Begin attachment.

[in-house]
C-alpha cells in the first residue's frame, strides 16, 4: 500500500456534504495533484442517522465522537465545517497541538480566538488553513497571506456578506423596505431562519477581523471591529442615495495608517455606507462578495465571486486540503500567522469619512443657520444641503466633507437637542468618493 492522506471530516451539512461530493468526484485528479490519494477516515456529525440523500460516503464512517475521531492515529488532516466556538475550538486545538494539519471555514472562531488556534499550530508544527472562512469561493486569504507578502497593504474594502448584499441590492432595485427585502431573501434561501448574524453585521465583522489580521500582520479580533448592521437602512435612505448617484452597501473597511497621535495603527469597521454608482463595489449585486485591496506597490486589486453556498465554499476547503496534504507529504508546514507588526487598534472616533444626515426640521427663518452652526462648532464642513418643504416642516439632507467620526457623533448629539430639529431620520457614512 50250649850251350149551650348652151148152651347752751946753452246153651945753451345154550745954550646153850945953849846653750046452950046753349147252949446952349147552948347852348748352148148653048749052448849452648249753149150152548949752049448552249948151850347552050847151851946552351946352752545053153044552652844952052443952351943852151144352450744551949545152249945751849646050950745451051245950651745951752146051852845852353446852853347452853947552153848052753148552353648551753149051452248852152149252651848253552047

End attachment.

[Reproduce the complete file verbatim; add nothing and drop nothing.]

[in-house]
C-alpha cells in the first residue's frame, strides 16, 4: 500500500456534504495533484442517522465522537465545517497541538480566538488553513497571506456578506423596505431562519477581523471591529442615495495608517455606507462578495465571486486540503500567522469619512443657520444641503466633507437637542468618493 492522506471530516451539512461530493468526484485528479490519494477516515456529525440523500460516503464512517475521531492515529488532516466556538475550538486545538494539519471555514472562531488556534499550530508544527472562512469561493486569504507578502497593504474594502448584499441590492432595485427585502431573501434561501448574524453585521465583522489580521500582520479580533448592521437602512435612505448617484452597501473597511497621535495603527469597521454608482463595489449585486485591496506597490486589486453556498465554499476547503496534504507529504508546514507588526487598534472616533444626515426640521427663518452652526462648532464642513418643504416642516439632507467620526457623533448629539430639529431620520457614512 50250649850251350149551650348652151148152651347752751946753452246153651945753451345154550745954550646153850945953849846653750046452950046753349147252949446952349147552948347852348748352148148653048749052448849452648249753149150152548949752049448552249948151850347552050847151851946552351946352752545053153044552652844952052443952351943852151144352450744551949545152249945751849646050950745451051245950651745951752146051852845852353446852853347452853947552153848052753148552353648551753149051452248852152149252651848253552047